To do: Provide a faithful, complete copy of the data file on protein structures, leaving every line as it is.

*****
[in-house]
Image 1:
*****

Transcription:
[in-house]
Image 1: